Friday, January 25

Little Golden Book Favorites

Goodnight, Little Bear (1961)
Chipmunk's ABC (1963)
The Bunny Book (1955)
by Richard Scarry
Golden Books 2008

At first blush there isn't really much one can say about these classic picture books featuring early Richard Scarry artwork. The stories themselves are practically ur-picture book archetypes: the little bear that won't go to bed and "hides" on his father's shoulders; a basic animal ABC book; an exploration between parent and child about what a bunny will be when it grows up. But then, another look and we see that two of the three stories feature a father prominently in a nurturing role. Why does that stand out to me?

These thoughts are quickly replaced by the art. Staring at these anthropomorphic woodland creatures I can't help but think how awkward they look. They're stiff, almost as if Richard Scarry didn't know how to draw animals doing human things.

No, wait. Richard Scarry knows exactly how to draw animals and in putting them into human clothes he has captured the true awkwardness of the situation. Just as a house pet looks ridiculous when forced into baby clothes or doll accessories, the animals in Richard Scarry's world look as if they are happily playing along but clearly not cut out to be handling knives or riding bikes and whatnot. In a way, Scarry has preserved some of the animal dignity by recognizing that they aren't human. Though he has forced them into human clothes, homes and situations he has not negated their animal nature to make them more human.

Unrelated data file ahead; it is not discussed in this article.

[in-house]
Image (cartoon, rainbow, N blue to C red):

Suddenly I am aware that modern animal picture book illustrations go out of their way to give the animals more of human fluidity in their movements, more of what animators call an "action line" in their stances, and less anything even resembling animal anatomy. Compare these happy little Scarry animals...

With the pose of this friendly little bear, one of the four food groups in Emily Gravett's Orange Pear Apple Bear.

Let me state right here that Gravett's book is pure genius, using only five words (four of them in the title) to riff on color, shape and size, so I don't mean to suggest that I find fault with it. But Gravett's bear throughout holds the sort of contrapposto perfected by masters of the Renaissance and contains no resemblance to a real bear at all aside from it's most characteristic of shapes. It's as if there is a human being trapped inside Gravett's bear, while the Scarry animals are as stiff as a taxidermist's diorama. Look again at the small mouse above attempting two-handed to cut that cheese and compare it with the cocked ease of that bear who has skillfully just pealed that orange.

Sometimes I wonder about the use of animals as human stand-ins in picture books. Have studies been done to show that children better connect with animals in picture books -- there are a LOT of animal books out there! Do we use animals to teach them about creatures in the world, or are they a calculated way around the thorny issue of racial representation and the possible cost in sales through alienation? Have children become so desensitized to the novelty of walking-talking animals that they now expect them to look and behave human instead of a playful-if-accurate representation?

I think it might be interesting to see if smaller children can tell the difference, or have a marked preference, in the various styles of illustration or if an animal in clothes is an animal in clothes no matter how stiff.

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